Canada's oil sands draw new interest
John Gray in Toronto
Price surges, supply uncertainty spur investment in Alberta's huge reserves
Rising oil prices and increasing uncertainty about world supplies have sparked investment interest in the development of massive oil sand reserves in the Canadian province of Alberta.
Last week, Kinder Morgan paid US$3.1 billion to buy Terasen, giving the United States energy firm a network of natural gas and oil pipelines that also offers it access to crude from Alberta's oil sands.
A day later, Total of France bought out Deer Creek Energy with a pledge to spend another US$12 billion to develop the Deer Creek project further in the next decade.
In recent months, several smaller firms have sold stakes in their oil sand projects as global developments made investment in this energy source increasingly attractive. The key reason is security of supply, principally for the United States, due to the Iraq war.
The rise in oil prices to more than US$60 a barrel has made development of oil sands much more attractive for investors who previously had seen little prospect of an immediate return on investment.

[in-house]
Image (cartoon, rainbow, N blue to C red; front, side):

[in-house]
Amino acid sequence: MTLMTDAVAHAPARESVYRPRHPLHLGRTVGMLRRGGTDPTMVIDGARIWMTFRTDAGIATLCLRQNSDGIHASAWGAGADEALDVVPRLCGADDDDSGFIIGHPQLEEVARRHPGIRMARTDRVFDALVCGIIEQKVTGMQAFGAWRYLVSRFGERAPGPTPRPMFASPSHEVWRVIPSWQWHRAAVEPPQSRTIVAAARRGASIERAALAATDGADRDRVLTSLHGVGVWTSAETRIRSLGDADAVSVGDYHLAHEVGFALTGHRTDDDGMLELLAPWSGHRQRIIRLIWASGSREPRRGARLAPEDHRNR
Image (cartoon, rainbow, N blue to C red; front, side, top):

More recently, the death of King Fahd of Saudi Arabia, the world's biggest oil producer, caused a rise in crude prices, as traders fretted over the stability of the new regime.
In the somewhat uncertain realm of oil-reserve estimates, the vast oil sands of Alberta are either the largest or the second-largest reserves in the world. The contrast with Saudi Arabia is that the extraction of crude from oil sands is a massive and expensive undertaking. It takes two tonnes of oil sands to produce a barrel of oil.
It has been estimated that US$34 billion has been spent on oil sands development in the past three decades and two or three times that much will be spent in the next decade. The result, as a Toronto newspaper reported, is that Fort McMurray, the main oil sands site in northern Alberta, is 'home to one of the greatest concentrations of investment on the planet'.
The expectation in Alberta is that China will be a source of particular interest in oil sands investments. In April and May, companies such as CNOOC, PetroChina International, and China Petroleum and Chemical Corp (Sinopec) all invested in oil sands development or pipeline projects. CNOOC is expected to further invest in the sector after being blocked by the US from buying oil giant Unocal.
There have not been similar concerns expressed in Canada about Chinese interest in the oil sands, but it was noted last month that US Treasury Secretary John Snow visited oil sand facilities.
It is assumed that Mr Snow was in Fort McMurray to signal US concern about possible further Chinese investment.
Sinopec's purchase of a stake in Synenco Energy was regarded as significant because it would give the firm control of its share of the crude produced and enable its direct shipment to China.